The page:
• psst … I’m a Realtor! Thanks for stopping by my website. I would love to help you find your dream home and community in the Hampton Roads or Williamsburg area or to sell your existing home. This website is authored by local resident and REALTOR, John Womeldorf. John is known around town as Mr. Williamsburg, for both his extensive knowledge of Hampton Roads and the historic triangle, and his expertise in the local real estate market. His websites, WilliamsburgsRealEstate.com and Mr Williamsburg.com were created as a resource for folks who are exploring a move to Williamsburg, VA , Hampton Roads VA and the surrounding areas of the Virginia Peninsula. On his website you can search homes for sale , foreclosures, 55+ active adult communities, condos and town homes , land and commercial property for sale in Williamsburg, Yorktown, New Kent, Poquoson, and Gloucester, VA as well as surrounding markets of Carrolton, Chesapeake,Gloucester, Hampton, Isle of Wight, Portsmouth Mathews, Newport News Norfolk, Poquoson, Smithfield, , Suffolk, Surry, Va Beach, Yorktown and York County Virginia You can reach John by email John@MrWilliamsburg.com or phone @ 757-254-813

Historic Garden Week in Williamsburg Virginia Tuesday, April 22, 10 a.m. to 6 p.m.

A rare opportunity to see some of the most beautiful homes  and gardens in the Williamsburg, Virignia Area.

Welcome to Historic Garden Week in Virginia’s 75th anniversary season.  This spring, visitors will step through the gates of more than 250 of Virginia’s most beautiful gardens, homes and historic landmarks during “America’s Largest Open House,” April 19-27, 2008. Three dozen Historic Garden Week tours present a rich mosaic of some of the country’s finest properties at the peak of Virginia’s springtime color. Sponsored by The Garden Club of Virginia, local events are scheduled from the Atlantic Ocean to the Allegheny Mountains and will span the centuries from the early 17th through the early 21st.

For those interested in horticulture, there will be formal gardens, walled gardens, cottage gardens, cutting gardens, annual and perennial gardens, herb gardens, water gardens, and even secret gardens. Visitors interested in architecture and interior decorating will see beautifully renovated historic properties as well as stunning contemporary residences, exceptional artwork, and some of the country’s best collections of glass, china, and American, European and Asian antiques. Many houses have interesting family histories intertwined with the Revolutionary War, the Civil War and the Victorian era.

The Williamsburg Va tour is sponsored by the” The Williamsburg Garden Club”

FOr Advance ticket info contact :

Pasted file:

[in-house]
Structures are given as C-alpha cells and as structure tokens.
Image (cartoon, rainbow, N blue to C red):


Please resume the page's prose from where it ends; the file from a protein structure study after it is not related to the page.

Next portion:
Advance Tickets, Information and Lunch Reservations:
   Cathy Adams (Mrs. Kenneth A.)
   
   Telephone:  (757) 220-2486
   E-mail:  cbtbka@cox.net

FULL TICKET:  $25; includes admittance to each house on tour, transportation throughout the Historic Area via Colonial Williamsburg buses, transportation to and from the homes in the Walnut Hills neighborhood and the Escorted Walking Tour.  Single-site admission, $10.  Escorted Walking Tour single admission, $10.  Children 13 and older, full price; ages 6-12 admitted for half-price if accompanied by an adult.  Children 5 and under, free of charge.  Tickets may be purchased at the Colonial Williamsburg Visitor Center on Monday, April 21, from 9 a.m. to 5 p.m., and on Tuesday, April 22, from 9 a.m. to noon.  On the day of the tour, both full and single admission tickets may be purchased at each of the homes on the tour

LUNCHEONBy reservation only.  A delicious box lunch will be available at the Bruton Parish Church Parish House, Duke of Gloucester St., from 11:30 a.m. until 2 p.m., for $13.  (The Parish House is located next to Barnes & Noble Bookstore.)  Please reserve your lunch by April 15 by contacting Cathy Adams at (757) 220-2486 or at cbtbka@cox.net.  Please make check payable to The Williamsburg Garden Club and mail to Mrs. Kenneth A. Adams, 217 Southpoint Dr., Williamsburg, VA 23185.

DIRECTIONS AND PARKING:

To visit Providence Hall House and the Charleton House in the Colonial Williamsburg Historic District:  From I-64, take Exit 238 (Camp Peary/Colonial Williamsburg) and follow the official Colonial Williamsburg signs to the Visitor Center, where parking is available for cars and buses.  Full ticket holders may board the Colonial Williamsburg buses free of charge on the lower level of the Visitor Center for transportation to the Historic Area. Disembark at the Tavern Bus Stop on Francis St. to tour these two properties. Approximately 0.2 mi. between the two homes.